How to Replace an AC Condenser

An AC condenser is an essential component of your home's central air conditioning system. Over time, the condenser's parts may develop faults that require replacement. If you're looking to save on the cost of hiring a professional, do not attempt to replace an ac condenser yourself.

You cannot perform this as a DIY job. If you are not a certified HVAC or refrigerant professional, contact a certified professional to perform these tasks. They will test and ensure that your unit is safely and properly replaced. A certified technician or certified HVAC system professional is required anytime chemicals like refrigerants need to be handled.

How Do You Know if Your AC Condenser is Failing?

If any of the following occur, your unit or run capacitor might need to be replaced:

  • Your condenser doesn’t blow cool air
  • Your condenser has a clunky humming sound while working
  • Your energy bill increases month-to-month
  • Your condenser done not turn on or takes a while to start
  • Your condenser randomly shuts off
  • Your condenser makes a rattling or buzzing noise
  • Your condenser has a slow turn on
  • Your condenser creates water leakage

How Much Does It Cost to Replace AC Condensers?

An average AC condenser replacement costs typically $1200 to $4200. If the unit remains in warranty, you will only pay installation expenses, which will reduce the price between $300 and $1200. One crucial component of the unit is the condenser coil, which plays a vital role in transferring heat and converting the refrigerant from a gas to a liquid form. If the ac condenser coil becomes damaged or develops leaks, it may need to be replaced. Additionally, the condenser's radiator and fan motor, including the condenser fan, are important for dissipating heat and maintaining proper pressure within the unit. If any of these components malfunction, they may require replacement, contributing to the overall cost.

AC condenser replacement cost is based on the size of an AC condenser unit measured in tons. In terms of air conditioning, tons don't refer to how much the AC unit weighs. Tons measure the amount an AC unit can cool in a home within one hour's time. One ton is equivalent to removing 12000 BTUs of air an hour. A standard air conditioner usually ranges from 1.5 to 5 tons. The AC condenser price increases as the tons of the unit increases. Material costs can range from $800 at 1.5 tons to exceed $3000 at 5 tons. With added installation fees, that cost can increase to between $1200 and $2300 at 1.5 tons to between $1900 and $4200 at 5 tons.

The replacement process involves evacuating the refrigerant from the system using a vacuum pump. This step is necessary to remove any air or moisture from the refrigerant lines that could interfere with the system's performance. Once the vacuuming process is complete, the refrigerant can be recharged in its liquid form.

In some cases, the need to replace an AC condenser arises due to a refrigerant leak. If the condenser develops a leak, the refrigerant escapes, affecting the AC system's cooling capabilities. In such situations, the cost of replacing the condenser will also include locating and fixing the leak to prevent further refrigerant loss. It's crucial to address leaks promptly as refrigerant is a specialized gas that contributes to the cooling process, and insufficient levels can lead to diminished AC performance and discomfort in hot weather.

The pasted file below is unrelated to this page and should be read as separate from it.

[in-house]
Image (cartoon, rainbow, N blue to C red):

Purchasing a new ac condenser unit can cost anywhere between $1200 to $8000, not including labor costs.

How Many Hours Does it Take to Replace an AC condenser?

Changing a condensing unit takes three to six hours and many companies charge minimum service fees. Expected labor costs for a total AC condenser replacement are around $200-$1000.

Other Considerations for AC Condenser Replacement Cost:

  • AC Type: It is usually cheaper to fix split air conditioning units than packaged HVAC systems. Consider this when choosing between split or packaged ACs.
  • Replacement Parts: Brand name condenser parts tend to cost more, while generic parts can void your warranty agreement.
  • Type of Coil: Condenser coils come in different materials, with the cheapest being aluminum. However, condenser coils with aluminum material damages easily and has a shorter lifespan than copper condenser coils.
  • Age of Condenser: If the condenser is more than 10 years old, it is best to replace the whole unit.
  • Cost of Labor: Some HVAC technicians charge more than others per hour of labor. Labor cost for a complete condenser unit replacement ranges from $200 to $1500 dollars. Depending on the location, HVAC Contractors can charge anywhere between $75 to $250 per hour. On average, the installation process to replace a condenser unit takes 3 to 6 hours to complete. Additionally, some contractors require a minimum service fee charge. These can really add up. Consider how much labor will add to the total cost of installation.
  • Time of Year: During the summer months, HVAC contractors charge more for condenser repairs and replacements because that's the busiest time of the year. Not to mention, the rush fees that can cost up to $200 for emergency repairs. If your unit breaks down in the summer, you're easily shelling out an extra $200 to $600 dollars.
  • SONE Rating: A new model condenser operates more quietly than an older system. However, they are more expensive.
  • Unit Efficiency: Condensers with higher SEER (seasonal energy efficiency ratio) ratings, have higher pricing. They deliver more energy efficiency but that comes at a high initial cost.

Can You Replace Just the Outside Air Conditioning Unit?

Yes, you can, but it is not advised. Except in cases of weather or climate damage, it is better to replace the whole unit.